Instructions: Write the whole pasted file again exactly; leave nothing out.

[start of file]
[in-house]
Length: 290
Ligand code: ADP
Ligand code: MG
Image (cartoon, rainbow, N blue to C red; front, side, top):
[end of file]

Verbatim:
[in-house]
Length: 290
Ligand code: ADP
Ligand code: MG
Image (cartoon, rainbow, N blue to C red; front, side, top):